In Case Of Emergency
by Shrift

"I really think you'll need to take the whole thing apart," Sydney said sheepishly, twisting her hands in the bottom of her T-shirt.

"Really," Weiss said. He eyed the toilet suspiciously and rubbed his fingers through his bed hair.

"I called the twenty-four hour plumbing place, but they said, 'We can be there by Tuesday,' and when I told them that it was an emergency, they just laughed," she told him, and then wrinkled her nose. "It was very unprofessional."

He put down the toolbox, hitched up his pajama pants, and slanted her a sleepy look that clearly indicated he'd be expecting an explanation later. "You wanna talk unprofessional? I'm gonna be demanding payment in beer."

Sydney hugged him impulsively. "Thank you so much for coming over here."

He patted her on the back. "Oh, I don't think you understand. I mean beer for life."

She groaned, and then watched Weiss shuffle around and do all the esoteric things one had to do before cracking open a toilet. Like turning off the water, maybe, or... stuff.

She could totally do this herself if someone just gave her a mission debrief on the procedure, damn it.

Weiss got on his side and started doing things to the back of the toilet that involved a lot of clanking and grunting, and sometimes exclamations of, "Shit-fuck-damn-ouch!"

"Are you sure you know what you're doing?" Sydney asked, sitting cross-legged on the bath mat and propping her chin on her hand.

"The trust is gone," Weiss said from underneath the toilet.

"Hey, I trust you with my life!" she protested.

"Just not your toilet. It's okay. I understand," Weiss said. He leaned up a little and peered at her over the toilet seat. "A toilet is a precious thing to lose."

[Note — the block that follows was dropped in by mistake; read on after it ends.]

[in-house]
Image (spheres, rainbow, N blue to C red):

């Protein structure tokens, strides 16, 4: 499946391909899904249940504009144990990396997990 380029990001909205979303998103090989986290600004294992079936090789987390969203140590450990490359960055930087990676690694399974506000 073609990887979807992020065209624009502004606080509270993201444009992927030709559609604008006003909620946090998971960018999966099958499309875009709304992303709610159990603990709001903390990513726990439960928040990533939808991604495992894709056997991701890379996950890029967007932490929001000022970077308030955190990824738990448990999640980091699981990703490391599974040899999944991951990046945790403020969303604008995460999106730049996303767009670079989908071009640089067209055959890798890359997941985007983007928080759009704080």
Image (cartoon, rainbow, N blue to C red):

She smacked his leg. "Shut up!"

Weiss was silent for a whole minute before he said, "So, Syd..."

Sydney bit at her thumbnail nervously. "Yes?"

"At the risk of discovering too much information about a beautiful lady such as yourself..."


"Dude, what did you do to your toilet?" Weiss demanded.

"Nothing!" Sydney said.

Weiss snorted, and it echoed off the porcelain. "Were there terrorists? Some kind of crazy toilet terrorists?"

"There are no toilet terrorists," Sydney scoffed. "I don't think. Are there crazy toilet terrorists?"

"Remind me to ask Marshall tomorrow," Weiss said. "Oh, hello."

"What?" she asked, craning her neck to see what he was doing.

Weiss sat up and held out a slightly mangled Granny Smith. "Is there something you'd like to tell me?"

"I tripped," Sydney said.

"You tripped," he repeated. "And yet I still question the presence of an apple in your plumbing."

"I was juggling," she explained.

"You were juggling and you tripped," Weiss said. His eyebrows were approaching his hairline.

"It fell in the toilet while I was juggling, and I tripped over the mat," Sydney said, blushing. "It flushed."

Weiss looked at the apple, and then back at her. "You were juggling at one o'clock in the morning?"

"Um, I was bored?"

"You know what I think?" Weiss asked, sliding back under the toilet with a wrench in his hand. "I think there are easier ways to lure me to your apartment in the middle of the night."

She kicked at his ankle. "I was not --"

"Some candles, a little soft jazz on the stereo --"

"I can kill you with my bare hands, you know."

Weiss was laughing under there. "Maybe some nice frozen dinners, because I fear your cooking --"

Sydney bristled. "I can cook."

"Did you, or did you not," Weiss said, blindly groping for another wrench, "tell me that you accidentally melted your Easy-Bake oven into slag when you were eight?"

She squinted at him. "You know how I used to find it charming that you remember everything I say when I'm drunk?"

Weiss pointed the wrench at her. "Two words: inter-office memo."

For a moment, Sydney debated the merits of subjecting Weiss to an aggressive round of neurological conditioning just so he'd never be able to bring this up again, but making people forget was something she was firmly against these days. She looked at his long, solid body wedged in an uncomfortable curve around her toilet, and felt a wave of affection for the big lug.

Sydney slumped against the tub and crossed her arms. "What kind of beer do you want?"

She would just have to buy enough for two.


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